Cultures give us guardrails for behavior, beyond which we can only pass with difficulty. They also give us what to say in a difficult situation, a script that helps us to get the words out, even gives us a template for how to behave. Sometimes these guardrails shift, and the scripts and templates are rewritten.
In her new book, Inventing Disaster: The Culture of Calamity, from the Jamestown Colony to the Jonestown Flood, Cynthia Kierner describes the ways in which people (particularly in North America) gradually began to speak of disaster in the way that we do now. From the “starving time” at Jamestown in 1609, to the Johnstown Flood of 1889, Kierner chronicles not the disasters themselves so much as the response to the disaster. The results might surprise you. “Although how we interpret and respond to disasters has changed in some ways since the nineteenth century, Kierner demonstrates that, for better or worse, the intellectual, economic, and political environments of earlier eras forged our own twenty-first-century approach to disaster, shaping the stories we tell, the precautions we ponder, and the remedies we prescribe for disaster-ravaged communities.”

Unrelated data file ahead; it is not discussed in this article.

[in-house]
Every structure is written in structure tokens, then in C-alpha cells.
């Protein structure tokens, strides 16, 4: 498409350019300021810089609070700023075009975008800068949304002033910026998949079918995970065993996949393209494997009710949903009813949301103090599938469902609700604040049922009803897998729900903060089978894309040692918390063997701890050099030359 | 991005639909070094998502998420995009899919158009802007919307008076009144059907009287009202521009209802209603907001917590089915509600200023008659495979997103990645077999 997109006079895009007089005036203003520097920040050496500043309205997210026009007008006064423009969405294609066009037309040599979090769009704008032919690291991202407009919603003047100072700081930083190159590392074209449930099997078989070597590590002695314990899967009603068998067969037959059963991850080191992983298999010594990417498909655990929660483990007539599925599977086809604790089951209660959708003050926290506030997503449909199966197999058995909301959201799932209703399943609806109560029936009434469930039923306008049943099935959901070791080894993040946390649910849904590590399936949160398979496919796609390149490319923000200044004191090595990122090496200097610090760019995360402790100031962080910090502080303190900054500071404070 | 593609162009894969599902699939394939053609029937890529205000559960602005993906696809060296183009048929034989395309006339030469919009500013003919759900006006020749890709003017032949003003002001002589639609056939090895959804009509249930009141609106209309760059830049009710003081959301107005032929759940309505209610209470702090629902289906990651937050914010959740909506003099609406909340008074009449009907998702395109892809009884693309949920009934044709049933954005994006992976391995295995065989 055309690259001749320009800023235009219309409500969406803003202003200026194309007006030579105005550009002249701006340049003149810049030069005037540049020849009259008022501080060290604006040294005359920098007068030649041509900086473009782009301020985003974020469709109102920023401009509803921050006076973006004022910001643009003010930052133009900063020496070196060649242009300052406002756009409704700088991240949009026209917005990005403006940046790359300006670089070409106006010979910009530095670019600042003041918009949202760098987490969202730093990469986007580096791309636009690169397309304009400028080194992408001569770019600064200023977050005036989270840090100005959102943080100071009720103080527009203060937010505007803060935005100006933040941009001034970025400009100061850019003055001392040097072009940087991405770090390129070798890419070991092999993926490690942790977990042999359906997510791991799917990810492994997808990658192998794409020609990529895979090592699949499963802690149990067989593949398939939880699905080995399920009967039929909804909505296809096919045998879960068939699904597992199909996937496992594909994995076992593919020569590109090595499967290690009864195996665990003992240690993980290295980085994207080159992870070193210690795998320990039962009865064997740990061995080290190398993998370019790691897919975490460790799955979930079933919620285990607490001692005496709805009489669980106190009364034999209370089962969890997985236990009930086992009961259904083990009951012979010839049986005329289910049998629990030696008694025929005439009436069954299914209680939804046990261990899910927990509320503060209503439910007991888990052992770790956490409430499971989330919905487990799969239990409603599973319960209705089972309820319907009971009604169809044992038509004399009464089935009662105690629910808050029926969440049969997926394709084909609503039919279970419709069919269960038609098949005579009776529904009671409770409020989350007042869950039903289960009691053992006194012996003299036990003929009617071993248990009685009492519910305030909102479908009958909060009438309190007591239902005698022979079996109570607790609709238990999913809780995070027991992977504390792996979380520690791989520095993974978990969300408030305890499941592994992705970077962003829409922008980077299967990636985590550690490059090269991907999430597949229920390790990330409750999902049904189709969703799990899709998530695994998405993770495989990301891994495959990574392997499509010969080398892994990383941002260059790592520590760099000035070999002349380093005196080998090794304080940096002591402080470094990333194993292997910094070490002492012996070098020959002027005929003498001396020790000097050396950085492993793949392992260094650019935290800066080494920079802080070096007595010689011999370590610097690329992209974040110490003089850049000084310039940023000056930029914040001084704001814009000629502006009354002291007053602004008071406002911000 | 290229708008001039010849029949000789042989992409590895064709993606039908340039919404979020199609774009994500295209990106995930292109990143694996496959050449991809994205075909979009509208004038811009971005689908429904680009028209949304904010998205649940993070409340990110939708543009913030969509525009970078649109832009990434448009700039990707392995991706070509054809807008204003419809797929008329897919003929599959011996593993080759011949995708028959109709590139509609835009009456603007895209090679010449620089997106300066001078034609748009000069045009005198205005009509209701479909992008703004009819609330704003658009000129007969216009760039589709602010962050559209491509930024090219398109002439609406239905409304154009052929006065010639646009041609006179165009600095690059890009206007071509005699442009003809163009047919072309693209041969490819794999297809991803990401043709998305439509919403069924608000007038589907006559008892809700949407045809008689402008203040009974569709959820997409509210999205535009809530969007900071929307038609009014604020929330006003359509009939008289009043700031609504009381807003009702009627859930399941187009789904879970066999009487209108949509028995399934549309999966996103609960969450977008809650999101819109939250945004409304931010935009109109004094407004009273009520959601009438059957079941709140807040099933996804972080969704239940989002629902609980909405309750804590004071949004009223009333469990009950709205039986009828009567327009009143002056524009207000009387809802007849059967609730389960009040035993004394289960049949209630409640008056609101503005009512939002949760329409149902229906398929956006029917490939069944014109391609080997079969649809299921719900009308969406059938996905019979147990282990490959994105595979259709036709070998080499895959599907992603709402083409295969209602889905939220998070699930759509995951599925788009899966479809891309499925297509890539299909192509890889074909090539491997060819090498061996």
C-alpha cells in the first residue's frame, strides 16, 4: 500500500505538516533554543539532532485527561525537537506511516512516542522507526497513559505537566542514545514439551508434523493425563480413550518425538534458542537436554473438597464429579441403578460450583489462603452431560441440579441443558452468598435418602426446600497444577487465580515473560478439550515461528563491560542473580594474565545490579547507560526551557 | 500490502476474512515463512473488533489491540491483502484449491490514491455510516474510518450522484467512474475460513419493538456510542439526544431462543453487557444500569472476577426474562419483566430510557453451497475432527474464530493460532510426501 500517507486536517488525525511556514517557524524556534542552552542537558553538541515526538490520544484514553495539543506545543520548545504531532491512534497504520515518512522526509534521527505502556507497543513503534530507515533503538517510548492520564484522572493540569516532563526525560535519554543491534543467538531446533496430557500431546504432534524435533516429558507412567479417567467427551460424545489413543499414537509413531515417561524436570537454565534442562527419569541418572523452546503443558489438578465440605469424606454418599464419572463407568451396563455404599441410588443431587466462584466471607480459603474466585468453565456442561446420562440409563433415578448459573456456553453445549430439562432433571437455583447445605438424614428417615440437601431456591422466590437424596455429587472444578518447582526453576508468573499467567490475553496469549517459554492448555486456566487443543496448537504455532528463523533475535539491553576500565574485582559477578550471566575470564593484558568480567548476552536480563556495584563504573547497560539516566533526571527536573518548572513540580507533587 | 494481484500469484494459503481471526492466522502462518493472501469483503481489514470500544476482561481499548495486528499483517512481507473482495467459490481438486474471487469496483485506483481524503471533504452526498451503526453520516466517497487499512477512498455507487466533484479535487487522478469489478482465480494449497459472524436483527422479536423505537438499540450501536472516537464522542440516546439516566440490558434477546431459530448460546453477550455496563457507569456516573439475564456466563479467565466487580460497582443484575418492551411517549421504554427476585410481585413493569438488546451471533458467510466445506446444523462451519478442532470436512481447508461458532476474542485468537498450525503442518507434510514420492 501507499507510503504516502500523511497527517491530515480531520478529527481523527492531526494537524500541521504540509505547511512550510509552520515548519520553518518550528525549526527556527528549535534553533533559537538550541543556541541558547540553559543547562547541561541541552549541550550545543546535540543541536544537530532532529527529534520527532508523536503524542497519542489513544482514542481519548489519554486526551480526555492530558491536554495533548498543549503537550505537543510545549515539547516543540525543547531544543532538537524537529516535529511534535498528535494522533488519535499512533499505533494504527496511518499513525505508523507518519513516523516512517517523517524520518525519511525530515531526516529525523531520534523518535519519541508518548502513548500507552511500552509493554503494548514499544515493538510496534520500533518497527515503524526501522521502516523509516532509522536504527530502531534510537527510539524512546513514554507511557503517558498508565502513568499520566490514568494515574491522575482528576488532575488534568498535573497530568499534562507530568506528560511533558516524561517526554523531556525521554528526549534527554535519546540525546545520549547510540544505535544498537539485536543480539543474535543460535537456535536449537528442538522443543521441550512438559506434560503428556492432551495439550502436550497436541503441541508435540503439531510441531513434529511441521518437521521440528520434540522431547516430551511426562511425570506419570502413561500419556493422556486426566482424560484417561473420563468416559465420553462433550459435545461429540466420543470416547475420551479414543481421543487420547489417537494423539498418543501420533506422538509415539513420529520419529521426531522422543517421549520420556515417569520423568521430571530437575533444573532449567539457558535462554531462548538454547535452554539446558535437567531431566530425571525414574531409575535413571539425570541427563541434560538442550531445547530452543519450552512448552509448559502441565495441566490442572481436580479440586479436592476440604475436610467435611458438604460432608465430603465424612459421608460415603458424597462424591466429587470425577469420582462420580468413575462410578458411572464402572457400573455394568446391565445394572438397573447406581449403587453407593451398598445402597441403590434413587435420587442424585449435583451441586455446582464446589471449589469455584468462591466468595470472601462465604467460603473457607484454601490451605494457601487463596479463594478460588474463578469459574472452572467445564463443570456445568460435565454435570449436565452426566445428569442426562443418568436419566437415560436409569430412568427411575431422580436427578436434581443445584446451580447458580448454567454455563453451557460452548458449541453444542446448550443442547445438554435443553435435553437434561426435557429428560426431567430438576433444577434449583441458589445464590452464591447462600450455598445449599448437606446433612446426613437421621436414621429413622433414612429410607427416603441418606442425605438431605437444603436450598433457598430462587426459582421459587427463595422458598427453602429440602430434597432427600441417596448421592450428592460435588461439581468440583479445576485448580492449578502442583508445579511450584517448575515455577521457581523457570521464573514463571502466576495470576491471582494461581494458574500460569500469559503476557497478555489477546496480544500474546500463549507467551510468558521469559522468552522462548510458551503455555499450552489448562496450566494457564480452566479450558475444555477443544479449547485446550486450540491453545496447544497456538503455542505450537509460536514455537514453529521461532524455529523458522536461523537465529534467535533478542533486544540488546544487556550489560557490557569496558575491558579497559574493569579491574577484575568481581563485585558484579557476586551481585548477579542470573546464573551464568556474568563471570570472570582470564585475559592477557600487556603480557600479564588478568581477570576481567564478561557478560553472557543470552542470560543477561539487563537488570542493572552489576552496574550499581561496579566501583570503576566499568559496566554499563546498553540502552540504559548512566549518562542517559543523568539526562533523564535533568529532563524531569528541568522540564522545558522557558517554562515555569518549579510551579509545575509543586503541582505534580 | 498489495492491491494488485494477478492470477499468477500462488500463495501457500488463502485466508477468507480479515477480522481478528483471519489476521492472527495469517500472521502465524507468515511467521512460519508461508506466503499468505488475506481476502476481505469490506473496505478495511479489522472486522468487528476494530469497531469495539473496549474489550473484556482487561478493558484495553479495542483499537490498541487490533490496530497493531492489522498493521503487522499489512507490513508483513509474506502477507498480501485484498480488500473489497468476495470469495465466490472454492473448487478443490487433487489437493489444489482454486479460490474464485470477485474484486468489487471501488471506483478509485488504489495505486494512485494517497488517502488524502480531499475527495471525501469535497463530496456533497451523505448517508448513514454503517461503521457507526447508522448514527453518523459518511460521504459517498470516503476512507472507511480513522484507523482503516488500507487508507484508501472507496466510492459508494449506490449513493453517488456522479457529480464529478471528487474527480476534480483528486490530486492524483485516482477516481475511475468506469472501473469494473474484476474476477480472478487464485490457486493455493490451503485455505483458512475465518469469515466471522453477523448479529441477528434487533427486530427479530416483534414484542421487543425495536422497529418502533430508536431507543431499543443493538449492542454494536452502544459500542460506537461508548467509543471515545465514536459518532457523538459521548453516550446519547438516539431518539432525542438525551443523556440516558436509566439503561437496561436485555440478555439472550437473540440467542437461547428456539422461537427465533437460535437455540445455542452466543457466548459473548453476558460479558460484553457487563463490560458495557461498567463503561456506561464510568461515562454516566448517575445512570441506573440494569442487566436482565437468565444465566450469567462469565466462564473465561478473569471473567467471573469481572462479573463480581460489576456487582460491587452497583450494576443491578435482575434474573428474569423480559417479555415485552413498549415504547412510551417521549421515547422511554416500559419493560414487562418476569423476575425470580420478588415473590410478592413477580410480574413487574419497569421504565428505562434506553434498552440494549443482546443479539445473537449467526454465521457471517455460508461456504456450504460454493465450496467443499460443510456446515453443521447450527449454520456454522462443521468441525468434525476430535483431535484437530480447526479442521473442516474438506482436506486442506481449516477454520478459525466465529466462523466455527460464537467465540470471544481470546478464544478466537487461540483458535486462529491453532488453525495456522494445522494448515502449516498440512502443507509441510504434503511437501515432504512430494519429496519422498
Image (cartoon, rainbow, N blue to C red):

Cynthia A. Kierner is Professor of History at George Mason University, and author of many books including Martha Jefferson Randolph, Daughter of Monticello.